The first biblical evidence of the city's importance is Melchizedek.  He was the ruler-priest of Salem who came to Abraham after the battle of the kings (Gen. 14).  It was the custom among Abraham's Kushite people to make atonement for the shedding of blood after battle and likely this is the service that Melchizedek performed for Abraham. Melchizedek, the king of Salem, is called "the priest of the most high God" in Genesis 14:18. His name mean "righteous king."

Three centuries before David ruled in Jerusalem, the city was ruled by Abdi-hepa.  He received his training in Egypt, as was proper for sons of the ruling Kushite caste. The Egyptians regarded him as a warrior and Adbi-hepa claimed to rule by the authority of Pharaoh. The name hepa may be a variant of heqaib, a common name among men of the ruler-priest caste, according to the Egyptologist Labib Habachi. Another ancient water shrine was that of Prince Heqaib on the island of Elephantine. On that same island was found the biography of Pepi-nakht-Heqaib, an official and military commander under Pepi II (BC 2278-2184). As a ruler, Pepi-nakht-Heqaib was known for upholding the rights of firstborn sons.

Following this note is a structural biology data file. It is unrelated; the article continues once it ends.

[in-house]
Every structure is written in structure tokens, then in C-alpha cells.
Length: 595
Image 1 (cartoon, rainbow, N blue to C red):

David himself appears to have been kin to the Kushite rulers of Jerusalem which might explain why he is described as ruddy or red (1Samuel 17:42). This is the same Hebrew word used to describe Esau, one of David's ancestors. Kushite rulers had a red-brown skin color. The Sudanese Kushites were the first to domesticate wild sorghum and millet. These became staple grains in Egypt and were taken to Pakistan and India between 3000 and 1000 BC. David's kingdom, with its center in Jerusalem, would have been at the crossroads of such commerce and would have enjoyed the benefits of trade between Africa and Eurasia.